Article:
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Dr. Malcolm Awadajin Finney

Dr. Malcolm Awadajin Finney Title: Professor 
Office Location: PSY 409
Phone Number: (562) 985-7425
E-mail Address: Malcolm.Finney@csulb.edu
Web Site: www.csulb.edu/~mfinney

Education:

BA (Honors) in English, University of Sierra Leone, 1984
MA in Linguistics, University of Ottawa, Canada, 1988
PhD in Linguistics, University of Ottawa, Canada, 1994

Teaching/Research Interests:

My primary teaching and research interests are in first and second language acquisition, and bilingualism, and implications for second language instruction and bilingual education. I offer graduate seminars on Language Acquisition and Bilingualism in the Linguistics Department and in the Dual Language Development Program, College of Education. My primary research investigates current theories of first and second language acquisition and bilingualism, and how they account for the speed and efficiency in second language and bilingual development. Previous and current research has focused acquisition of L2 phonology, lexicon, grammar, discourse, and pragmatics. I also conduct research on Creole languages, with particular interest in the influence of both universal factors and West African languages in shaping the grammars of Creole languages and, by extension, African American English.

Courses Taught:

LING 100: The Nature of Language  
LING 329: 
Introduction to Language Acquisition
LING 428: Applied Linguistics
LING 429: Language, Learning, and the Developing Child: A Cross-Cultural Perspective
LING 539: Language Acquisition
LING 575: Literacy and Linguistics
LING 650: Seminar on Bilingualism

Representative Publications and Professional Presentations:

2002. Effects of Spanish Pragmatic and Lexical Constraints in the Interpretation of L2 English Anaphora. Pragmatics, 12 (3), 297-328.

April/May 2003. Perception of Errors in Second Language Syntax: Acquisition or Processing Difficulties? In Proceedings of the 4th International Symposium on Bilingualism, Arizona State University, Tempe.

2003. Substratal Influence on the Morphosyntactic Properties of Krio. Linguistic Review, 2 (3), 58-83.

2004. Tone assignment on Lexical Items of English and African Origin in Krio. In Genevieve Escure & Armin Schwegler (Eds.), Creoles, Contact and Language Change: Linguistics and Social Implications (pp. 221-236). John Benjamins.

2007. Universal and Substrate Influence on the Phonotactics and Syllable Structure of Krio. In Magnus Huber & Viveka Velupillai (eds) Synchronic and Diachronic Perspectives on Contact Languages (Creole Languages Library Series 32), John Benjamins Publishing Company, 23-42.

2007. (Collaboration with James Till & Naoko Tamura) Effects of Competence, Exposure, and Linguistic Backgrounds on Accurate Production of English Pure Vowels by Native Japanese and Mandarin Speakers. American Association of Applied Linguists (AAAL) Annual Conference, Costa Mesa, California, 2007.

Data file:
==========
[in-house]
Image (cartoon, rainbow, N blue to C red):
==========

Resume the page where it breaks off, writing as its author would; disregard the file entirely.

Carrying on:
2008. Intercultural Miscommunication: Effects of Cultural Backgrounds on the Employment of Effective Communication Skills in English as a Second Language. California Federation of Interpreters Conference, Anaheim, California, Sunday, October 12, 2008

2012. The Interaction of Declarative and Procedural Memory in the Process of Creolization: The Case of the Sierra Leone Krio. In Legon Journal of the Humanities, edited by Helen Yitah, Faculty of Arts, University of Ghana.

2012. (In collaboration with Mitra Baghdadi). Effects of Linguistic and Cultural Backgrounds on L2 English Discourse. Linguistic Association of Canada and the United States Conference, Toronto, August 2012

2013. The Sierra Leone Krio. In The Survey of Pidgin and Creole Languages, edited by Susanne Maria Michaelis, Philippe Maurer, Martin Haspelmath, and Magnus Huber. Oxford: Oxford University Press.

Representative Professional Activities, Recognitions, Awards, & Affiliations:

  • 2002. Outstanding Service Learning Faculty Member, Community Service Learning Center, CSULB.
  • 2005.Spirit of Service Award (in recognition of valuable contributions to the Long Beach Community through commitment to community life and generosity of spirit), Center for Community Engagement, CSULB.
  • 2006. University Faculty Community Service Award. 
  • Memberships in Professional Organizations: Linguistic Society of America; Society for Pidgin and Creole Linguistics; International Linguistic Association; Linguistic Association of Canada & the US; Linguistic List (Internet); Bilingual List (Internet); Creole List (Internet). Alpha Chapter, Phi Beta Delta. 
  • External Examiner Ph.D., MPHIL & MA Dissertations (Departement of Linguistics, University of Ghana, Legon, Ghana).